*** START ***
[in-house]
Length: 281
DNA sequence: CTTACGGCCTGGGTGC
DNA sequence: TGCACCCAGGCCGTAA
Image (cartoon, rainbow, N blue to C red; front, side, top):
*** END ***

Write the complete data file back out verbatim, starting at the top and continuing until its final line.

[in-house]
Length: 281
DNA sequence: CTTACGGCCTGGGTGC
DNA sequence: TGCACCCAGGCCGTAA
Image (cartoon, rainbow, N blue to C red; front, side, top):